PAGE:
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A Battle to Forget



 Nose tackle Bryan Robinson (left) battles center Lyle Sendlein at a one-on-one drill at a recent practice.

FLAGSTAFF – Lasting just a few seconds, the biggest men on the football field beat on each other.

Then, usually, one of them taps the other on the helmet, the violent encounter quickly forgotten.

Of all the work during practice, perhaps the most intriguing is the one-on-one blocking drills between offensive and defensive linemen. The 300-pounders go at each other in a way that would seem to guarantee hard feelings. But it doesn't.

"Yeah, I might be slapping a guy


in the head or Deuce (Lutui) is throwing me to the ground," veteran nose tackle Bryan Robinson said. "But you get back up and say, 'That won't happen again because next time, I am going to get him.' And vice versa. That's the respect thing."

Guard Reggie Wells said in some ways, it's really no different than when wide receivers and cornerbacks go at it in their one-on-one drills.

"We have the luxury of being able to take out some aggression on the other person for however long it is, three or four seconds," Wells said. "You learn how to deal with it and learn how to move forward."

Wells said the work is "one of the most unrealistic drills" because rarely are lineman hooked up one-on-one for that long, although it does help with technique.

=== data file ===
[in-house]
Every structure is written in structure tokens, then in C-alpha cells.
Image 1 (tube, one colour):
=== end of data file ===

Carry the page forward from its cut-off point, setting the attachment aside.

To get ripped to the ground or have a hand stuck up under your facemask isn't fun, and there are times when the combatants remain heated after the whistle. But it's surprisingly rare, given the circumstances.

"Guys have been playing this game since little league, high school, college and pros," Robinson said. "It's been happening for so long, it is ingrained in you that, at that time, it's competition. That's all it is. It doesn't go over the boundaries. You win, you win. You lose, you lose. But at the end of the day, you are teammates."


Coach Ken Whisenhunt declined to talk much about young players that have impressed him in camp, saying he wanted to wait until after the first game.

"A lot of times you get enamored with guys in practice and then they turn the lights on and they don't show up," Whisenhunt said.

Whisenhunt did say that Brandon Keith has looked good in his attempt to learn how to play guard, and rookie tackle Herman Johnson has performed well thus far. Whisenhunt went as far to say that he and offensive line coach Russ Grimm believed it was the deepest offensive line group they had been around, an impressive comment considering their years in Pittsburgh.


The Cardinals had fullback Dan Kreider finally return to practice today after he battled hamstring issues. Tight end Stephen Spach, with two practices, sat out the second workout as he continues to rehab his surgically-repaired knee.

Five others remained sidelined: LB Chike Okeafor (back), RB Beanie Wells (ankle), TE Anthony Becht (hamstring), WR Early Doucet (shoulder) and DE Keilen Dykes (quad).

Whisenhunt did say he was hopeful Wells might be able to practice on a limited basis next week. If Wells is only limited, it seems unlikely he will have a chance to play in Thursday's preseason opener in Pittsburgh.

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